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Michael Cohen broke campaign finance laws “at the direction of a candidate”

The judge set bail at $500,000 for Cohen, and a sentencing date of Dec. 12.

Donald Trump’s self-described “fixer” and personal lawyer Michael Cohen pleaded guilty to eight federal charges, including violating campaign finance laws with a hush-money payment to two women who claimed to have slept with President Trump. Cohen appeared in New York’s federal court Tuesday after surrendering himself to the custody of the FBI earlier in the day.

Cohen, dressed in a black suit, and visibly shaken, asked the judge if he could stand before the packed courtroom to read his plea. His voice occasionally wavered as he pleaded guilty to five counts of tax evasion, one count of making false statements to a lender, one count of making an illegal campaign contribution, and one count of making an excessive campaign contribution. He faces a maximum sentence of 65 years in prison and up to $1.6 million in fines. He will also have to forfeit any property derived from the false statements he made to the lender.


In a startling admission, Cohen pleaded guilty to breaking campaign finance laws at the “direction of a candidate for federal office.” Those charges concerned two payments — one for $150,000 and another for $130,000 — which were made to two unnamed individuals who Cohen said had information that was “damaging” to the unnamed candidate.

Cohen also admitted he had concealed $4 million in unreported income between the tax years 2012-2014.

Cohen does not appear to have agreed to cooperate with prosecutors in the Mueller probe in exchange for his testimony, indicating he may have little to offer as a witness.

“His baggage, his potential testimony and his believability just didn’t provide enough value to prosecutors to make it worth giving him a benefit in return,” said Renato Mariotti, a former federal prosecutor. “The total value of what he’s offering apparently isn’t enough.”

Cohen said one payment for $150,000 — the amount paid to Playboy model Karen McDougal — was made in coordination with “the CEO of a media company.” He said made the second payment for $130,000 — the amount paid to porn star Stormy Daniels — on his own, but said he was later reimbursed. Both payments, Cohen said explicitly, were made “in coordination and at the direction of a candidate for federal office” who was concerned about “damaging” information getting out before the election.

“I used a company under my control to make the payment” Cohen told the judge, adding that “the monies used were later repaid by the candidate. ”


Cohen’s admission regarding the payments he made to adult film star Stormy Daniels, appear to implicate Trump in the crime, legal analysts and close observers of the case quickly pointed out.

The judge set bail at $500,000 for Cohen, and a sentencing date of Dec. 12. Under the terms of his bail package, his travel will be limited to certain districts of New York, Illinois, Florida and Washington D.C. The judge overseeing the proceedings rejected a provision that would have allowed Cohen’s legal team to work directly with prosecutors to approve additional travel, ruling that any such requests would have to be authorized by the court.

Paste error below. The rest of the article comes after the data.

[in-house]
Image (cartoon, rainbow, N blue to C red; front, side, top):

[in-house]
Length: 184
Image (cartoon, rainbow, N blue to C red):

Cohen barely spoke outside of his five minute confession, limiting the majority of his replies to "yes your honor" and "no your honor." When asked about the extent of his education, he answered simply, "Law."

"Today he stood up and testified under oath that Donald Trump directed him to commit a crime by making payments to two women for the principal purpose of influencing an election," said Cohen's attorney Lanny Davis, in a statement. "If those payments were a crime for Michael Cohen, then why wouldn't they be a crime for Donald Trump?"

Cohen told the judge earlier in the proceedings that on his last night as a free man he had enjoyed a glass of Glenlivet 12 year old single malt Scotch with dinner, which he noted was “not my usual custom.”

At one point during the proceedings, after he was reminded that by pleading guilty he would lose his voting rights and rights to own a firearm, his attorney gave him a reassuring pat on the back.


Cohen’s appearance in New York Federal Court came just minutes after another former close adviser to the president, Paul Manafort, was found guilty on 8 of the 18 criminal counts he faced in the tax and bank fraud trial in Alexandria, Virginia.

Read: Paul Manafort found guilty on 8 criminal counts

Trump’s lawyer, Rudy Giuliani, has already launched a full-on campaign to discredit Cohen, branding him a “scumbag” who’s “lied all his life.” But Giuliani had only weeks before called Cohen an “honest, honorable lawyer.”

And as Trump’s team seeks to undercut Cohen’s claims by tarnishing his reputation, they’ll face questions about why a person they now call so evidently untrustworthy could have been one of Trump’s most trusted deputies for so long.

Michael Avenatti, the attorney for one of those women, adult film actress Stormy Daniels, said news of the Cohen plea deal was a bad omen for the president, and threw shade on Giuliani’s bombastic approach to dealing with Cohen.

“Trump is in a lot of trouble,” he wrote to VICE News in a text message. “He and Giuliani completely misplayed this.”

White House Press Secretary Sarah Huckabee Sanders declined to comment on Manafort or Cohen. “I don’t have anything for you on that,” Sanders told reporters Tuesday afternoon.